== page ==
13. CT findings of the thymus

    International Nuclear Information System (INIS)

    Kang, Eun Young; Kim, Yun Hwan; Seol, Hae Young; Chung, Woun Kyun; Suh, Won Hyuck

    1987-01-01

    In 14 cases of normal and abnormal thymus proved surgically and histopathologically in korea University Hae Wha Hospital during recent 6 years, the clinical and CT findings were analyzed. 1. Of 14 cases, 2 cases were normal thymus, 5 cases were thymic hyperplasia, 4 cases were benign thymoma, 2 case were malignant thymoma and 1 case was thymic cyst. 2. Of 14 cases, 10 cases were associated with myasthenia gravis, and 7 of these 10 cases were 3rd to 5th decades females. Among 10 cases with myasthenia gravis. 5 cases were thymic hyperplasia, 1 case was benign thymoma, 2 cases were malignant thymoma, and 2 cases were normal thymus. 3. All 5 thymic hyperplasia were associated with myasthenia gravis. CT findings of thymic hyperplasia were normal in 4 cases and increased lobe thickness in 1 case. 4. Of 4 cases of benign thymoma, only 1 case was associated with myasthenia gravis, and all 4 cases were positive findings in CT scan. CT findings of benign thymoma were round or oval soft tissue mass in anterior mediastinum, and 1 case had punctuate calcifications. 5. Of 2 cases of malignant thymoma, all 2 cases were associated with myasthenia gravis and positive findings in CT scan. CT findings of malignant thymoma were anterior mediastinal soft tissue mass with obliteration of the normal fat planes surrounding great vessels. SVC compression, and pleural tumor implants. 6. CT yielded significant diagnostic information of differential diagnosis between thymoma and thymoma hyperplasia in myasthenia gravis patients. Also CT was highly sensitive test in detection of thymoma and determined the extent and invasiveness of thymoma.

  14. Association of newborn diseases with weight/length ratio and the adequacy of weight for gestational age

    Directory of Open Access Journals (Sweden)

    José Ricardo Dias Bertagnon

    2011-09-01

    Full Text Available Objective: To compare the frequencies of newborn diseases in thosenewborns classified according to a weight/length rate and thoseclassified by the adequacy weight for gestational age. Methods: Aretrospective cross-sectional study by record assessment was carriedout enclosing all the live newborns at Hospital Geral do Grajaú, fromSeptember to December, 2009 (n =577 classified according to therate weight/length and also to the adequacy weight for gestationalage. The 10 and 90 percentiles of the weight/length distribution, nowdesignated as “indices” were calculated leading to the followingclassification: low index, for newborns below 54.8 g/cm; high index,for those over 75.8 g/cm; and average index, for the remainingnewborns. According to the adequacy weight for gestational age thenewborns were designated as pre-term for gestational age; term smallfor gestational age; appropriate term and large term. In this samplethere were no small and large pre-term or post-term newborns. Majordiseases were related to the index and adequacy extracts by the χ2test for a contingency table. Results: A significant association wasfound among low index, pre-term for gestational age newborns andterm small for gestational age; between average index and appropriatefor gestational age term newborns; and high index with large termappropriate for gestational age newborns (p< 0.001. Hypoglycemia(3.4% was associated to both low and high indices, to appropriatefor gestational age preterm newborns and to small for gestational ageterm newborns. Sepsis (3.1% was associated to both low index andpre-term appropriate for gestational age newborns. The respiratorydistress syndrome (1.3% was associated to low index and pre-termappropriate for gestational age newborns. Other respiratory distresssyndromes (3.8% were associated to low and high indices but notto the adequacy for gestational age classification. Jaundice (14.9%was not associated to the studied classifications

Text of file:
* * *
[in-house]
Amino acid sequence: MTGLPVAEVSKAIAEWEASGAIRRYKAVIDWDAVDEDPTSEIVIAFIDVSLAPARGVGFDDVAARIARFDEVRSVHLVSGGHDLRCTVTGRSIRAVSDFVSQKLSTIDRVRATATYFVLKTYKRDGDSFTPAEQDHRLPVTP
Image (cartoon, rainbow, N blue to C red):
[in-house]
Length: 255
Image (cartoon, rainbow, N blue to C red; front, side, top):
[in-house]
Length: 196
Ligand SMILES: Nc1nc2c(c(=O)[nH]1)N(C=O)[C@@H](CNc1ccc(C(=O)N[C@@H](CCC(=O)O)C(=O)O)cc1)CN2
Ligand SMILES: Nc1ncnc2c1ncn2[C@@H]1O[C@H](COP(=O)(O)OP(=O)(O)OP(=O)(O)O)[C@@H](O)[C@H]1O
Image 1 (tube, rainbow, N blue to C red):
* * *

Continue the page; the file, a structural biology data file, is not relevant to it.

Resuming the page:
15. Refractive states of eyes and associations between ametropia and age, breed, and axial globe length in domestic cats.

    Science.gov (United States)

    Konrade, Kricket A; Hoffman, Allison R; Ramey, Kelli L; Goldenberg, Ruby B; Lehenbauer, Terry W

    2012-02-01

    To determine the refractive states of eyes in domestic cats and to evaluate correlations between refractive error and age, breed, and axial globe measurements. 98 healthy ophthalmologically normal domestic cats. The refractive state of 196 eyes (2 eyes/cat) was determined by use of streak retinoscopy. Cats were considered ametropic when the mean refractive state was ≥ ± 0.5 diopter (D). Amplitude-mode ultrasonography was used to determine axial globe length, anterior chamber length, and vitreous chamber depth. Mean ± SD refractive state of all eyes was -0.78 ± 1.37 D. Mean refractive error of cats changed significantly as a function of age. Mean refractive state of kittens (≤ 4 months old) was -2.45 ± 1.57 D, and mean refractive state of adult cats (> 1 year old) was -0.39 ± 0.85 D. Mean axial globe length, anterior chamber length, and vitreous chamber depth were 19.75 ± 1.59 mm, 4.66 ± 0.86 mm, and 7.92 ± 0.86 mm, respectively. Correlations were detected between age and breed and between age and refractive states of feline eyes. Mean refractive error changed significantly as a function of age, and kittens had greater negative refractive error than did adult cats. Domestic shorthair cats were significantly more likely to be myopic than were domestic mediumhair or domestic longhair cats. Domestic cats should be included in the animals in which myopia can be detected at a young age, with a likelihood of progression to emmetropia as cats mature.